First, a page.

The "trying not to scratch" is the way we try to help ourselves by "controlling" our lives and fixing our problems.

Jesus is the Tecnu; the Solution; the Way, the Truth and the Life; the One who satisfies our deepest longings; the One who heals us.

A Parable

A man once went into the backyard to play with his children. A few days later, his ankles, elbows and wrists were covered in blotchy, itchy, red spots. The man's wife went to the store and purchased Tecnu, a healing salve that promised to make him feel much better.

The next morning in the shower, instead of applying the Tecnu, the man let the hot, hot water pour over his irritated arms and legs. It felt wonderful and seemed to make things better for a little while. In fact, the feeling was amazing, blissful even. So blissful that he let that scalding water hit his tender skin for a long, long time.

Within a very short time, the Poison Ivy, having had its oil released from the man's pores, spread its blotchy, itchy redness all over the man's body and drove him nearly insane.

The man couldn't stop himself from scratching. He scratched and scratched, until his sores stung and bled. And still the itching continued and the blotchy redness spread.

Next, the man tried not to scratch. He did everything in his power to ignore the burning, itching and swelling... He might poke or slap or rub his skin, but he tried and tried not to scratch it. Eventually though, no matter how hard he tried, he always gave in and scratched. And still the itching continued and the blotchy redness spread.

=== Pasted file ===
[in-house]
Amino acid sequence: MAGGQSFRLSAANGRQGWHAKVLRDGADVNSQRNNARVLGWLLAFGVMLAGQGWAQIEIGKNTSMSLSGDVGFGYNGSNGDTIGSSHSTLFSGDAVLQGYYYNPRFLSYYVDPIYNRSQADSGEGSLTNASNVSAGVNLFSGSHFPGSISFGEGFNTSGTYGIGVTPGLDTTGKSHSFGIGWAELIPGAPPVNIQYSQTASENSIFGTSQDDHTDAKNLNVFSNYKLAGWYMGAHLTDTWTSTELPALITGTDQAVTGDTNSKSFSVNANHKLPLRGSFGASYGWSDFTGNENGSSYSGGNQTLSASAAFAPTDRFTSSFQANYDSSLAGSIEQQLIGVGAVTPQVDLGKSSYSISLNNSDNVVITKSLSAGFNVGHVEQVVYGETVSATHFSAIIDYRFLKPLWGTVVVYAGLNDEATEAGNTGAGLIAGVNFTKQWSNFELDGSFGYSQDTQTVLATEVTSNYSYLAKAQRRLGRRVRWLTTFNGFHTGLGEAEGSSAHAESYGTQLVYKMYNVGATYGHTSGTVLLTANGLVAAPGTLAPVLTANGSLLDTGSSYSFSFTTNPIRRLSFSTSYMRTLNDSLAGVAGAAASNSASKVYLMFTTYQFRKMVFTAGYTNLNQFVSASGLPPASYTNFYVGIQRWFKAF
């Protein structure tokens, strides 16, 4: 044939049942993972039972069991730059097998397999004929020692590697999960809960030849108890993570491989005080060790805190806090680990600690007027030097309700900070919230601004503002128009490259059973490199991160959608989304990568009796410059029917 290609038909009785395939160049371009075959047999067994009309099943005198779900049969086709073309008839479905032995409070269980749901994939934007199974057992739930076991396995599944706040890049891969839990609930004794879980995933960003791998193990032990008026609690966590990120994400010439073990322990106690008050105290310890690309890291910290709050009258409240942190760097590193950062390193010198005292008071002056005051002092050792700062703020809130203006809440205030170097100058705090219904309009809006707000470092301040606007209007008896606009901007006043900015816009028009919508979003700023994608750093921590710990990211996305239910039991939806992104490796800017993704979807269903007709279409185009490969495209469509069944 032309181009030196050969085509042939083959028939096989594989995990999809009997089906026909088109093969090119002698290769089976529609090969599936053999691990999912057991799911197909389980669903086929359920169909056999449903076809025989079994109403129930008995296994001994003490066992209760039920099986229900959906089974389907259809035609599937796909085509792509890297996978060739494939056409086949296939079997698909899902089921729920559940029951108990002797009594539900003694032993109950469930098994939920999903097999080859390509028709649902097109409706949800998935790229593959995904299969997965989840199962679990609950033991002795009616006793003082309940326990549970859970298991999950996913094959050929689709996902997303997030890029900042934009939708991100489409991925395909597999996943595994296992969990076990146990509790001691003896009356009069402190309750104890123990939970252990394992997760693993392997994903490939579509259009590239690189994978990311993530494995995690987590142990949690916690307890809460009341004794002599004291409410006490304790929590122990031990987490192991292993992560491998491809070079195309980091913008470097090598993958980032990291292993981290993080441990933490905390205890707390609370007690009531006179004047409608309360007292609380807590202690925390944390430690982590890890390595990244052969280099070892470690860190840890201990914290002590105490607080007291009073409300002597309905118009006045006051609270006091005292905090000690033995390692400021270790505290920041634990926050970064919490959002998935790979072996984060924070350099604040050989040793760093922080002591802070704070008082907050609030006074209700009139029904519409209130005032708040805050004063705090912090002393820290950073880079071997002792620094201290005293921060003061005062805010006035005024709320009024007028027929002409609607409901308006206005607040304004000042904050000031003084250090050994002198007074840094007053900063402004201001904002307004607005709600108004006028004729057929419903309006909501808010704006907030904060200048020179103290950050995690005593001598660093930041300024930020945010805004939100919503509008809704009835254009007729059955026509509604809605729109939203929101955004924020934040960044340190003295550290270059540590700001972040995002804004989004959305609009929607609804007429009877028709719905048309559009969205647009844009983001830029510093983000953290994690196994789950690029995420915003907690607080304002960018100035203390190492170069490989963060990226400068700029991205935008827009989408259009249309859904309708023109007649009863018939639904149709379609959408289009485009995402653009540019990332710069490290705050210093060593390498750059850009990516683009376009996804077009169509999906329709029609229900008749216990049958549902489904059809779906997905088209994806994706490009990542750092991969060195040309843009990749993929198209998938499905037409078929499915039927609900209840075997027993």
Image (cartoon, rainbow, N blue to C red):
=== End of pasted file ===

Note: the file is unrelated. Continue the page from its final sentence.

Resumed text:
Finally, in desperation, the man ran to the shower, stripped off his clothes, and slathered the Tecnu all over his ravaged body. Although he didn't feel much relief at first, he continued to apply it every day until slowly but surely the Poison Ivy oil was removed from his body and the blotchy, itchy redness was all gone.

Sunday, March 29, 2009

More Pics and Video from Vox Populi

I enjoyed my little experiment in live blogging yesterday. Vox Populi was a great success... We made over $1200 for our charity, Floresta, and saw over 120 adults come through the doors. For some more videos of the performers, check out my Youtube channel, and for more photos, check out Ted Law's Flickr set.

Saturday, March 28, 2009

Live Blogging from Vox Populi

2:00 - Vox Populi is here. Last night was an amazing experience... a beautiful display of diversity in style, texture, background, colors, experiences... from avant-garde improvisation with flute and trumpet to smooth acoustic pop, from urban bboy poetry to African travelogue... It was really sweet. So glad to be here and part of the experience. Check out some video footage on the Vox website.

I'll be live blogging throughout today... Lots more cool stuff from Bobby Bang!, Leah Shearer and Remembering Carthage as well as more great visual arts, food and coffees and information on our cause, Floresta...

2:10 - Sound troubles, but we'll be fine, cuz Alex Chao is large and in charge. Bobby is on in 20. Hope there are kids here!

2:18 - Sound is fixed. Now bring on the kids.